Targeted therapy is a new type of cancer treatment that uses drugs or other substances to identify and attack cancer cells while doing little damage to normal cells.  Each type of targeted therapy works differently, but all attempt to alter the way a cancer cell grows, divides, repairs itself, or interacts with other cells.
Some of the cancers that may be treated with targeted therapy include certain types of lung, pancreatic, head and neck, liver, colorectal, breast, and kidney cancers.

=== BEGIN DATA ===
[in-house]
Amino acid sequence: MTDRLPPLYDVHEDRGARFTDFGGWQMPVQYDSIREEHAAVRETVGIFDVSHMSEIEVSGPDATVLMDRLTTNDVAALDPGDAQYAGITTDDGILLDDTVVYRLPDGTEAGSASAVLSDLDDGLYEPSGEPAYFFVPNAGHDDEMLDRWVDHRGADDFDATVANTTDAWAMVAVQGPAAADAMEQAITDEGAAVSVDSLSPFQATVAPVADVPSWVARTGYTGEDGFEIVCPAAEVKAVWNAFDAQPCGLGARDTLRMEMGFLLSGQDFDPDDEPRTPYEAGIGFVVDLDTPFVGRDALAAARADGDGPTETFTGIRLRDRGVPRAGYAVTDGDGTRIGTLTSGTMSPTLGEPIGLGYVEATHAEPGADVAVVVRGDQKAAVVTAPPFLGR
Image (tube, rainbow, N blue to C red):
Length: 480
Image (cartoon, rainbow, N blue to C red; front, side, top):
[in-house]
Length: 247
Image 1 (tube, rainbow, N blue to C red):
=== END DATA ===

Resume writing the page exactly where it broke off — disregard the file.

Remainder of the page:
Targeted therapies are a major focus of cancer research today. Many future advances against cancer will likely come from this field.  New findings and drugs are being developed every day.  If you have received a diagnosis of cancer, do your research and ask your medical team about these new advances in therapy. Access to many of the newest treatments may be available through clinical trials.
There are three main types of targeted therapies. The targeting drugs work to identify and alter or damage the inner workings of the cancer cell. Your oncologist may discuss one of these Targeted therapies with you:
  • Angiogenisis
  • Enzyme Inhibitors
  • Apoptosis